Whole eggs are used in a traditional Beignet recipe. While eggs are great (I have them every day), by just using the egg white instead of the whole egg you can reduce the amount of fat, calories and cholesterol in the beignet. Egg whites provide the same ingredient binding and fluffing properties that the whole egg would produce.

The last ingredient for me to tackle was the granulated white sugar. My go to sugar replacement is pure Stevia extract. If you do not like pure Stevia extract than you can use cane sugar or coconut sugar. Cane sugar and coconut sugar are far better options over granulated white sugar.

The recipe below creates about 10 to 12 beignet (depending on how thick you make the dough). Please note that creating a yeast dough from scratch is a time consuming process. Make sure you allot a good amount of time for the prep work.

Baked Beignets

1/4 cup lukewarm water (between 100 and 110 degrees)

1 egg white

1 (0.25) envelope of active dry yeast (store leftover yeast in refrigerator)

1/4 teaspoon pure Stevia extract (or 1/2 cup cane sugar or coconut sugar)

3/4 teaspoon salt

3 cups unbleached bread flour

1/2 cup evaporated fat free milk

4 tablespoons coconut oil (softened only slightly in microwave)

1 tablespoon unsweetened applesauce

3 tablespoons confectioners’ sugar

In a medium sized bowl, mix lukewarm water, unsweetened applesauce and yeast. Allow the yeast mixture to rest for about 10 minutes. Yeast mixture will become milky and somewhat frothy.

In another medium sized bowl mix egg whites, salt and fat free evaporated milk together. Mix egg mixture into the rested yeast mixture. Add 1 cup of bread flour at a time to the egg/yeast mixture and stir after each cup to combine. Fold in softened coconut oil and combine until a soft dough ball has formed.

Place dough onto a lightly floured surface and knead until the dough well combined and smooth. Lightly oil a large bowl (I prefer spray coconut oil) and place dough inside. Turn the dough so that it also get a light layer of oil. Cover the bowl with plastic wrap and a warm, damp towel. Allow the dough to rise in a warm place until the dough has doubled in size (at least 2 hours).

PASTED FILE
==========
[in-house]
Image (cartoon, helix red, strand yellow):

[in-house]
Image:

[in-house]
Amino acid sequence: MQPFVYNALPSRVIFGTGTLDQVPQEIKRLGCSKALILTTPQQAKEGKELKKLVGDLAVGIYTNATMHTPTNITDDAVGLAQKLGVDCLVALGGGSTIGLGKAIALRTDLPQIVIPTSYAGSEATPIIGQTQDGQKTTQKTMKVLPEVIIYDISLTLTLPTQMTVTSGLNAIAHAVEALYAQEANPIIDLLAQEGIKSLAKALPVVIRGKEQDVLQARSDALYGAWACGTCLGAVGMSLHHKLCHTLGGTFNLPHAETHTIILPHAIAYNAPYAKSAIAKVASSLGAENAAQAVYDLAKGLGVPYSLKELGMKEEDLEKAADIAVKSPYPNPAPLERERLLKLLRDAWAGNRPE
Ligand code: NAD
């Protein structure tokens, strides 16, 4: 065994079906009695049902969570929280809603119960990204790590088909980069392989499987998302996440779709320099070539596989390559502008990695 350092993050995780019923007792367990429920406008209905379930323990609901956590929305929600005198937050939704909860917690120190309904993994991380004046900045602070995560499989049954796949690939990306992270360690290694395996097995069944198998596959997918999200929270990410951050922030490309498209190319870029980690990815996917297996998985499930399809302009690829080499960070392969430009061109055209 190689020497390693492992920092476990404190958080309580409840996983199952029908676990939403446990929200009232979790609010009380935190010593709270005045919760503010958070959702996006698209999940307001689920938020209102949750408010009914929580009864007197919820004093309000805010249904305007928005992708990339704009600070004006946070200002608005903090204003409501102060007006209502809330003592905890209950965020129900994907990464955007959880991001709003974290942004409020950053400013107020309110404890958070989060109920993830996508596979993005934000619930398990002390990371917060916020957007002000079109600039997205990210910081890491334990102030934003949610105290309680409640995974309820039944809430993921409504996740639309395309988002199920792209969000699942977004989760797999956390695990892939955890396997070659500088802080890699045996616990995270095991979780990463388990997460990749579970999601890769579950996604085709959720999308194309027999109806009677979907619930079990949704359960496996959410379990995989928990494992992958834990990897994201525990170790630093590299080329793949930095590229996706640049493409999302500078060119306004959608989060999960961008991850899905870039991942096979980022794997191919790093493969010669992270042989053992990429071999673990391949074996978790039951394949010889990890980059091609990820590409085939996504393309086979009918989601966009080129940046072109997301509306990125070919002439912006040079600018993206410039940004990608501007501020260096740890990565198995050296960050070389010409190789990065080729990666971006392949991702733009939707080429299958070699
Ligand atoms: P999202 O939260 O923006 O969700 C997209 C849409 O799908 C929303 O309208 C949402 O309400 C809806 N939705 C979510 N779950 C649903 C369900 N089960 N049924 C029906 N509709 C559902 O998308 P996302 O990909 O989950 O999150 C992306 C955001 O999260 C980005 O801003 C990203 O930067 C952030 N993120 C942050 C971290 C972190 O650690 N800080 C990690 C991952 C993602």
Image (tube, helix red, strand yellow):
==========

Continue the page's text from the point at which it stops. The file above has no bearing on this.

Line a cookie sheet with parchment paper and set aside. After dough has risen, punch down the dough and place the dough ball once again on a lightly floured surface. Using a rolling pin, roll the dough out into a rectangular shape. Using a sharp knife or pizza cutter, cut the dough into 2 inch squares.

Place the dough squares on the parchment lined cookie sheet. Lightly spray the tops of the dough squares with a spay oil (again I prefer spray coconut oil). Place plastic wrap over the dough squares and allow the dough to rise again (about 30 to 40 minutes).

Preheat oven to 400 degrees. After dough has risen, remove plastic wrap and place in the preheated oven. Bake the Beignets for about 8 to 10 minutes (or until lightly brown). Remove Beignets from the oven and while they are still warm sprinkle with confectioners’ sugar*.

*While I am not traditionally a fan of using sugar in my recipes, this baked Beignet recipe is an exception.  It is possible to create a sugar free confectioners’ sugar by using cornstarch and a sugar free substitute.  However, I have to admit the sugar free powdered sugar is just not the same as the real thing.  Since only a sprinkle of sugar is used for this recipe, I have decided to keep the powdered sugar, as is, in my baked beignet recipe.  Some grocery stores sell an organic and/or cane sugar powdered sugar version which is a healthier alternative to white powdered sugar.